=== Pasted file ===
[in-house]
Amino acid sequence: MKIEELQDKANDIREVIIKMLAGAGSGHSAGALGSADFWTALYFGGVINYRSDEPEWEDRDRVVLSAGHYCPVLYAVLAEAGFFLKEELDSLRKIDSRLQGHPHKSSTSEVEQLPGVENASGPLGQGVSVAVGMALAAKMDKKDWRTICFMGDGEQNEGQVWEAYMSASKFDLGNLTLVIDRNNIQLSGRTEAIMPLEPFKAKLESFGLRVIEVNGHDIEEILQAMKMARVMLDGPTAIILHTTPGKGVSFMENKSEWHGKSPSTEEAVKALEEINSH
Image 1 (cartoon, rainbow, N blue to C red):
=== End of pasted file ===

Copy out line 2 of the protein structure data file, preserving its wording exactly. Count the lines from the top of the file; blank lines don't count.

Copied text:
Amino acid sequence: MKIEELQDKANDIREVIIKMLAGAGSGHSAGALGSADFWTALYFGGVINYRSDEPEWEDRDRVVLSAGHYCPVLYAVLAEAGFFLKEELDSLRKIDSRLQGHPHKSSTSEVEQLPGVENASGPLGQGVSVAVGMALAAKMDKKDWRTICFMGDGEQNEGQVWEAYMSASKFDLGNLTLVIDRNNIQLSGRTEAIMPLEPFKAKLESFGLRVIEVNGHDIEEILQAMKMARVMLDGPTAIILHTTPGKGVSFMENKSEWHGKSPSTEEAVKALEEINSH